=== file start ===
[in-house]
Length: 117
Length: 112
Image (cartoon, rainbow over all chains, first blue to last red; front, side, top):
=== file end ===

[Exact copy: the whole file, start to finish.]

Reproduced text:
[in-house]
Length: 117
Length: 112
Image (cartoon, rainbow over all chains, first blue to last red; front, side, top):